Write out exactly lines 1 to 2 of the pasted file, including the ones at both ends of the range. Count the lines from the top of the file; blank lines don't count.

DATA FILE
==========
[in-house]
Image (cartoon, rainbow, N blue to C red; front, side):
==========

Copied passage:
[in-house]
Image (cartoon, rainbow, N blue to C red; front, side):